The following is an excerpt from "The Complete Guide to Beagles" by Tracey Squaire. For more information visit the books Amazon Page.
Author Credit: Tracey Squaire
Different Options for Potty Training
If you’ve opted for a Beagle puppy, you’re going to have to deal with house-training, and it is NOT fun. Even if your Beagle isn’t a puppy, not all adult dogs are house-trained. Beagles can be naughty, intelligent, and lazy at the same time, so to avoid AVOIDABLE “accidents” in the house, start your Beagle’s house-training by setting a schedule for your pup’s potty time.
Puppies need to go to the bathroom eight to 10 times a day, and setting a potty schedule allows you to keep these bathroom times in appropriate areas as well as to organize other aspects of your pup’s life. A schedule also saves you from a huge headache in the early days of your Beagle’s training that is likely to stretch on through her life if uncorrected.
Set a house-training schedule that lets you allot some of your dog’s potty times to walks, some to “after-dinner business meetings,” and some to a brief playtime in the backyard before bed.
If your pup has unlimited access to water, you’re going to be making a LOT of trips outside, so be warned. As Arthur came home at the end of a mild fall that introduced a very cold and very wet winter, we stayed inside a lot, and, unfortunately, Arthur grew to hate our trips outside.
If, for whatever reason, you and your pup decide that she can’t make it outside (maybe you live on the top floor of an apartment and it’s 3:00 a.m.?), having a backup plan is a must to keep your home clean and your puppy’s training on track. Puppy pads are, of course, an easily-available option. Puppy pads can come as a combination of plastic, cloth, and paper; as a cut of fake plastic grass; or as a soft rubber grate that makes cleanup a snap,
Indoor dog toilets and dog litter boxes are also a thing, but since Arthur did so well with his house-training during the milder days of winter, I decided to incentivize him to go potty outside by putting his full-to-the-brim water bowl outside in the area we’d set up for him before he came home.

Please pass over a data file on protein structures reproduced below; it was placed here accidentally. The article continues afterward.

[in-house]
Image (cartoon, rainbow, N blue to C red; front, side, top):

Most of Arthur and other puppies’ accidents are pee accidents, so putting his water outside allowed me to predict when he’d need to pee next as well as to limit the amount of water he gulped down. Seriously, a Beagle will NOT stop drinking if it has free access to water. If you have cats, consider giving your Beagle and your cats their OWN bowls, and put both the water bowls and the food bowls somewhere your Beagle can’t reach.
If, for some reason, you can’t go outside while using this method (weather, injury, convenience, etc.), give your Beagle a small bowl of water inside. Eventually, she won’t even think to go inside because she’ll enjoy going outside to mark her territory.
As for poos, well, a puppy will poo 10 to 60 minutes after eating, so you should be able to control and limit those with careful attention to your dog’s habits and training schedule.
The First Few Weeks
As I mentioned, a schedule for house-training your Beagle will help her succeed in not ruining your carpets or leaving an inescapable smell in your hallways. Dogs thrive on consistency both scheduling-wise as well as location-wise. Same time, same place every day for the first month or two, and your pup will have no trouble relieving herself where she’s supposed to.
Slowly acclimating your new Beagle to new areas can help reduce accidents. You won’t always be around to help your pup not potty inside, so consider leaving your pup in a small area where she can comfortably walk around. Her crate is the obvious choice. As we’ve already discussed, your Beagle’s crate should be her safe place, and she’ll want to keep it smelling like her and not her waste.